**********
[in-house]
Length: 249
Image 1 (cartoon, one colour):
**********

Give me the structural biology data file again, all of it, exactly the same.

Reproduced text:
[in-house]
Length: 249
Image 1 (cartoon, one colour):